By November 2012, Gazprom’s optimism had turned into a defiant, almost desperate stubbornness. On November 20, the day Norway’s Statoil signed a contract with Germany’s Wintershall to supply gas via spot-market pricing in a deal large enough to displace Gazprom as the biggest gas supplier to Germany, Gazprom’s vice president Alexander Medvedev declared that “we will defend the system of long-term contracts with all our energy.”5 Yet subsequently, due to “a flood of cheap liquefied natural gas cargoes from other sources,” Gazprom has been subsequently forced to lower prices for several large European customers.6
Bringing Spot Market Pricing to the Baltics
Despite Gazprom’s fierce resistance, hub-trading of natural gas is now expanding eastward beyond the North Sea. In the Baltic region, governments are working with the European Commission to put in place the gas supply, storage, and transportation infrastructure required to reduce the current 100 percent dependence on Russia of Finland and the Baltic countries.
Recent public debate on the Baltic region’s energy independence has focused largely on plans to construct LNG terminals in each of the three countries. LNG is indeed a critical element in any strategy to diversify sources of supply of natural gas and thereby help the EU establish a unified energy market through expansion of hub-based trading. Nevertheless, LNG terminals alone will not suffice to establish gas trading hubs in the Baltic region; liquid trading of natural gas will require that such terminals be integrated into a regional supply, storage, transportation, and trading network that allows gas to reach consumers according to price signals sent by the market. In the Baltic region, this network should include three specific projects:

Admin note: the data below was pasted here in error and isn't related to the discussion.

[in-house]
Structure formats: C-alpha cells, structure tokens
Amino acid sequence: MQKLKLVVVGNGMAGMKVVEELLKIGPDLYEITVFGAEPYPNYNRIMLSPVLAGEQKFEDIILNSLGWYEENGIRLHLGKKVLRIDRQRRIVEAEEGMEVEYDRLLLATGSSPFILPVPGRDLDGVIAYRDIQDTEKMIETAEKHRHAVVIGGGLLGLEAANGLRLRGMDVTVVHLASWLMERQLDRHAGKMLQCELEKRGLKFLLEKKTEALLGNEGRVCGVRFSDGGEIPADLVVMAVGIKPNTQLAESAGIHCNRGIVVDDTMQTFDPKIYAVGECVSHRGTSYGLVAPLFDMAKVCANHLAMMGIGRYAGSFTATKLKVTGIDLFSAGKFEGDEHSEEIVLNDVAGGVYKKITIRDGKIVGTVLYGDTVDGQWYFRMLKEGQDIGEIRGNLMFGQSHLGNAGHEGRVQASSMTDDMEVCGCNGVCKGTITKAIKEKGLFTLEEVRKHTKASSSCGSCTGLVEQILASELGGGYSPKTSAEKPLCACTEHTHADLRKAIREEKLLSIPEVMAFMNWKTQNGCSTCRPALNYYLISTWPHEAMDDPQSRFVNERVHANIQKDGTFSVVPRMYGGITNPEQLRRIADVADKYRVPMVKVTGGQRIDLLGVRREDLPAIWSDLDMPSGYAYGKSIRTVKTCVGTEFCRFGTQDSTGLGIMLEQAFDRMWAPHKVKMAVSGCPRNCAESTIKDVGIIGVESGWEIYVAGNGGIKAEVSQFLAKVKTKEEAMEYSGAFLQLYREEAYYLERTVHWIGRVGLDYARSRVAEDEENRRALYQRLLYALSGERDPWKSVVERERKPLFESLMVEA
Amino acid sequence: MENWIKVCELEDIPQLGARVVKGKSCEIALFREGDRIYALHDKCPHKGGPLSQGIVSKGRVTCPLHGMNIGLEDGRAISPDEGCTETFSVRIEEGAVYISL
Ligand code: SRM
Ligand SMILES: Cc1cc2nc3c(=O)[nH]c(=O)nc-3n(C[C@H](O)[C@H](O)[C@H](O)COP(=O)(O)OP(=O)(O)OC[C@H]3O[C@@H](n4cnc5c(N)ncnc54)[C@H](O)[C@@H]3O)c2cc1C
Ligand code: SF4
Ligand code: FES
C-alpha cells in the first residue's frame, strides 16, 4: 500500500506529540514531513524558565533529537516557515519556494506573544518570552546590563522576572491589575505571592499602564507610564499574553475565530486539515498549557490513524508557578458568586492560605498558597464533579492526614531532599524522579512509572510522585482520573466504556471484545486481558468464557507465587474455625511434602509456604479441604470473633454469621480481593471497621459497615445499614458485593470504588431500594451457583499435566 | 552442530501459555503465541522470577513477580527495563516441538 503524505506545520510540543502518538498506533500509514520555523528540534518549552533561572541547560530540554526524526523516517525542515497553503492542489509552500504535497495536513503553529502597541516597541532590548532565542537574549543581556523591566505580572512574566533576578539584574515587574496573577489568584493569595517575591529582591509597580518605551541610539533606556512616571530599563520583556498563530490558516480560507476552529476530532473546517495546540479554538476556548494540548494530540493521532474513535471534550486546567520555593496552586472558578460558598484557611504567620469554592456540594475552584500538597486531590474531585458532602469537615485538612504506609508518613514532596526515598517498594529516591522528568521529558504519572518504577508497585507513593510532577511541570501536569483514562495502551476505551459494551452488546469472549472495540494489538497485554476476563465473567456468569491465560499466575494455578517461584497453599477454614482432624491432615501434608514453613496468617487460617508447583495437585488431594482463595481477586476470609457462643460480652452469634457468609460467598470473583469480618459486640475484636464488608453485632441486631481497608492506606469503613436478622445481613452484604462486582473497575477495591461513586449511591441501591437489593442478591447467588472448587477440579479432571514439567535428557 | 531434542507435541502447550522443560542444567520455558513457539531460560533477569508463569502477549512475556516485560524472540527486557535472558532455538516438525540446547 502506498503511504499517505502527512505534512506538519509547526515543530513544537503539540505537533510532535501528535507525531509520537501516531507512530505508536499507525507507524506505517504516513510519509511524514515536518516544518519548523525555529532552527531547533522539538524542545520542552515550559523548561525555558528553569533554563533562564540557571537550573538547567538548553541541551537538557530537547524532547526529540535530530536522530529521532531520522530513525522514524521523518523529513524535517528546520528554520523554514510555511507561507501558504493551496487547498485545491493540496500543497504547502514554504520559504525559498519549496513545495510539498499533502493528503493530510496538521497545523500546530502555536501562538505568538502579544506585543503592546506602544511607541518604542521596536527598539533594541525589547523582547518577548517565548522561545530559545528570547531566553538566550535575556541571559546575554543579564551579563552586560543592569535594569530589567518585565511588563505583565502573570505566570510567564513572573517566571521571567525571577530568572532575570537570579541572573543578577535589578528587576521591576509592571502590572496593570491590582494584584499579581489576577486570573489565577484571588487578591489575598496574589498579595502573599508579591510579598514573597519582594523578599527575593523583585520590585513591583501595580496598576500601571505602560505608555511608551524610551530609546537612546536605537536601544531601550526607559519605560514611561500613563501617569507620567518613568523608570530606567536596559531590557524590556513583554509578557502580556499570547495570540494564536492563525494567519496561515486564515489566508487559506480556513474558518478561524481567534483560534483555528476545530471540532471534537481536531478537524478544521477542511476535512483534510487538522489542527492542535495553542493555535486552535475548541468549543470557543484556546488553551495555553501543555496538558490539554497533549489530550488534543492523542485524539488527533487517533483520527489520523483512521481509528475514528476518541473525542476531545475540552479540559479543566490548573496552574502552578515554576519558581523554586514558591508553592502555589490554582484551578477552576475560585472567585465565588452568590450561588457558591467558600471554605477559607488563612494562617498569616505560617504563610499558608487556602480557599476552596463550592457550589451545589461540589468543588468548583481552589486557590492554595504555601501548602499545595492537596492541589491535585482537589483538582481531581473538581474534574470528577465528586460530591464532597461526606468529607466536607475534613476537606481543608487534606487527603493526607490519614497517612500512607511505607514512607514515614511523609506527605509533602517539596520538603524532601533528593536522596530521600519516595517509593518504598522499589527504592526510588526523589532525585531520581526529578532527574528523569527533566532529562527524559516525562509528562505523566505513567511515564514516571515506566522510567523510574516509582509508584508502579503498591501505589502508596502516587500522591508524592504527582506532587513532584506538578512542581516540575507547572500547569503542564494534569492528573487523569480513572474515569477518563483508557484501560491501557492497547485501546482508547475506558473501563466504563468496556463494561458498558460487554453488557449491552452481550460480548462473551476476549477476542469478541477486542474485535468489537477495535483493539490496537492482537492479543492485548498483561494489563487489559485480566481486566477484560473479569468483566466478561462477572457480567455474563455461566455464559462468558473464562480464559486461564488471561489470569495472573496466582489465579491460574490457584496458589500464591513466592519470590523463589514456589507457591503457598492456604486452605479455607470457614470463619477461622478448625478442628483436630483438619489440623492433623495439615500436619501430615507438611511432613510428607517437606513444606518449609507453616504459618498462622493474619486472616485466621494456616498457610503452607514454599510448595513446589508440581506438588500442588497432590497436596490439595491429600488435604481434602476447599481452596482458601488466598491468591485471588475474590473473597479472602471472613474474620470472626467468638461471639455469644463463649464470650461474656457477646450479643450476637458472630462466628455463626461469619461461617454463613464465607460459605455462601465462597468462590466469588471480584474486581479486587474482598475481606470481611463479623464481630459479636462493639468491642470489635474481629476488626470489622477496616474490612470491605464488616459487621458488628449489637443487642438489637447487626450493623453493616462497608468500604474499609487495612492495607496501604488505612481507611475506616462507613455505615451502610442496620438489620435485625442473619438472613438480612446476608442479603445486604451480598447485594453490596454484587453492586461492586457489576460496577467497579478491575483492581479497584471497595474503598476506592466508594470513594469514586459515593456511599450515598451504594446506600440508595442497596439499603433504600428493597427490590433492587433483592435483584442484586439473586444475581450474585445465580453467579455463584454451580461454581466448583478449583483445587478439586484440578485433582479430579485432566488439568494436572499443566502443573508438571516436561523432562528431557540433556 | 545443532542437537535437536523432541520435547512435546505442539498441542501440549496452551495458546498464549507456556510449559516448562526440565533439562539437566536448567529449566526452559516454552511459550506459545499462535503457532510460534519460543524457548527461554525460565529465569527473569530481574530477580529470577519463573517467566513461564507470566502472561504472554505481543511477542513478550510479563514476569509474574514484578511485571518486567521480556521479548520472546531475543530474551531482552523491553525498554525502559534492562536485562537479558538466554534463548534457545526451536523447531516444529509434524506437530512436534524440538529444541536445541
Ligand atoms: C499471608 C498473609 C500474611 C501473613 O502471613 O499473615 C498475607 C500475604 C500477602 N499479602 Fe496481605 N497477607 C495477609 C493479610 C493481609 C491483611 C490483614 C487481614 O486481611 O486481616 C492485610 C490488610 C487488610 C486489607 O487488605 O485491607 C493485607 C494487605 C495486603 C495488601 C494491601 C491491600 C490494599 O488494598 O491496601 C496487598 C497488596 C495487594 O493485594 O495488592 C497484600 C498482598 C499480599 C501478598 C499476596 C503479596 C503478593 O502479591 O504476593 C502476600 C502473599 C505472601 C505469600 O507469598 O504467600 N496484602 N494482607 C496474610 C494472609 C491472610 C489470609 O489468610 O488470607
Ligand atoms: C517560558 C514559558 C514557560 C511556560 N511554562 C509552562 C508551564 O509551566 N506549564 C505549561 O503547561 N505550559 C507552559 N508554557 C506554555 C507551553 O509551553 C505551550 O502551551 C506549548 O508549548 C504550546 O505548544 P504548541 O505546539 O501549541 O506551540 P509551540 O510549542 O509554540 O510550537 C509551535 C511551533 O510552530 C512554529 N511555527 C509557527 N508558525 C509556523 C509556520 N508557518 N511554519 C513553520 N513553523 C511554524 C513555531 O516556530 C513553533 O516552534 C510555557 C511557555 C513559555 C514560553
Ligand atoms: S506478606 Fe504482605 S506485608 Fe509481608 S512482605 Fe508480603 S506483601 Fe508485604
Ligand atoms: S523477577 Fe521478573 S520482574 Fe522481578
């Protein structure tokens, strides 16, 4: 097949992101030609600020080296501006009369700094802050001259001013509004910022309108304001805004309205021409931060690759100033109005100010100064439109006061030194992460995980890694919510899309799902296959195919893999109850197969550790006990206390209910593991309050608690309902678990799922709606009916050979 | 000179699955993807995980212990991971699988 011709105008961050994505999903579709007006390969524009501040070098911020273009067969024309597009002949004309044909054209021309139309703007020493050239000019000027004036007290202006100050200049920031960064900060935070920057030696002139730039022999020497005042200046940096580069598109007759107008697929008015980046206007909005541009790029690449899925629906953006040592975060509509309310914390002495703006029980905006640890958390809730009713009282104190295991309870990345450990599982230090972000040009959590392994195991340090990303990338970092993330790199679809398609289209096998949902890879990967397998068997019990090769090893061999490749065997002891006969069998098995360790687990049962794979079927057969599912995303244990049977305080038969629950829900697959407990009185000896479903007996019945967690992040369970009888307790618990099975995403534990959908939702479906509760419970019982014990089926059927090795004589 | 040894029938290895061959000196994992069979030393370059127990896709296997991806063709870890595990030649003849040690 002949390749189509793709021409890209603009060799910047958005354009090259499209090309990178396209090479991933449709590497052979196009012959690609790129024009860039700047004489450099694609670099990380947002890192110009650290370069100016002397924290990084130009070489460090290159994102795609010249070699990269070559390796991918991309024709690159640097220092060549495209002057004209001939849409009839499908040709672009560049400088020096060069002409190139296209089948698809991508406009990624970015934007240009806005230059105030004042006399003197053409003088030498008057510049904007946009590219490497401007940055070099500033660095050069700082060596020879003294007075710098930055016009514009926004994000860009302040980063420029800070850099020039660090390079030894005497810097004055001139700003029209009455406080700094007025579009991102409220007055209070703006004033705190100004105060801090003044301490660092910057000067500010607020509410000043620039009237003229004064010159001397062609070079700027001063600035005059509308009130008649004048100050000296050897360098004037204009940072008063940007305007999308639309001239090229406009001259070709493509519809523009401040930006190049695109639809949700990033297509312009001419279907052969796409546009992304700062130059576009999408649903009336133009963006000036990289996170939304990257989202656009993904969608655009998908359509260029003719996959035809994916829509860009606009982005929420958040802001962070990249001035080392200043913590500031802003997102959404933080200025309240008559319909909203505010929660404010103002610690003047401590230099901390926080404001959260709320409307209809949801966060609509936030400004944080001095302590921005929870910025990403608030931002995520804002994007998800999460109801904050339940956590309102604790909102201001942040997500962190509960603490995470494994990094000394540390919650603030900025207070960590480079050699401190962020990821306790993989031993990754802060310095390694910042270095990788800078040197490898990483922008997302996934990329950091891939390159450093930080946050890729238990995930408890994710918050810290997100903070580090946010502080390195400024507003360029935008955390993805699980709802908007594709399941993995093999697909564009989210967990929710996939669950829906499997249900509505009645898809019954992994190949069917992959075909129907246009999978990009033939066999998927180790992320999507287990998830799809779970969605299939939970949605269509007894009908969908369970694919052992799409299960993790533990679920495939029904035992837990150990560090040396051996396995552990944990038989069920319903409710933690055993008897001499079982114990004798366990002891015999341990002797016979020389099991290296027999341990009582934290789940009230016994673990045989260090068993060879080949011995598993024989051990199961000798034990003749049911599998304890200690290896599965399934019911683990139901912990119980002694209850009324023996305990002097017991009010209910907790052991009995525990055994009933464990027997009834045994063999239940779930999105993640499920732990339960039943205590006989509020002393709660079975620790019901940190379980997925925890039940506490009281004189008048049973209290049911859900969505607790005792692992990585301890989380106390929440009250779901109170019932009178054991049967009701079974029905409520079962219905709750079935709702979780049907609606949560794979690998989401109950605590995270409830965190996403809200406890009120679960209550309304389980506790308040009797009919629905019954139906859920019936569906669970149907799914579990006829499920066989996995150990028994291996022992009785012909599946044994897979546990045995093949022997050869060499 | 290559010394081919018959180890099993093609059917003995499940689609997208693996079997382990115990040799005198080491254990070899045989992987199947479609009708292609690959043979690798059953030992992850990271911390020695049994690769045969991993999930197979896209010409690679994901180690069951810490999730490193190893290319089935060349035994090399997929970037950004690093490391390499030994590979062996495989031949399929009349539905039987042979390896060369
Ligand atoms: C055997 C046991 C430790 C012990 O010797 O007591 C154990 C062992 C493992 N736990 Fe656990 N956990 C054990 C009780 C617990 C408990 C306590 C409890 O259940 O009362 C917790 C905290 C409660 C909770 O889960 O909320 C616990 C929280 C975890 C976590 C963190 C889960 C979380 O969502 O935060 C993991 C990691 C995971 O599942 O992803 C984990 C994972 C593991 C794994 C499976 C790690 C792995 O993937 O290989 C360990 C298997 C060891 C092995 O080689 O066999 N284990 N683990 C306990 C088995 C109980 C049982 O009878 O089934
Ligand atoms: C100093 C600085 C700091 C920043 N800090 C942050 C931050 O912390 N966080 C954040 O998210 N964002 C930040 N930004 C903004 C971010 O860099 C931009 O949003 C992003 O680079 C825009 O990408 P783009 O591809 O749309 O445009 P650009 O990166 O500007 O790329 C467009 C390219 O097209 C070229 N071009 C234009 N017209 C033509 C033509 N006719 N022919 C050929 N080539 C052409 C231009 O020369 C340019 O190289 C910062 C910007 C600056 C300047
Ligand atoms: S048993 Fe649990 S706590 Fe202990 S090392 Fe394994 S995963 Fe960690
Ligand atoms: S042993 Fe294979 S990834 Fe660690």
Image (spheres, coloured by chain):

· The Gas Interconnection Poland-Lithuania (GIPL) pipeline project to help the Baltic states diversify their sources of natural gas supply;
· Modernization, expansion, and ownership restructuring of the Inčukalns gas storage facility in Latvia and its pipeline connection to Estonia to eliminate Gazprom’s ability to restrict the free flow of gas throughout the region; and
· An LNG terminal in Estonia with a subsea pipeline connection to Finland, which will diversify regional gas supplies and establish a large enough regional market to facilitate spot trading.
The EU should designate each of these as a Project of Common Interest, thereby affording them the political and financial support required to succeed. Working with the academic community, the EU should also discourage the “go it alone” approach each Baltic state has followed to date, and instead encourage all three to work with each other and with Finland to establish trading mechanisms and regulations required for trading hubs to emerge as happened in the North Sea basin.
Lithuania: GIPL Pipeline Connection with Poland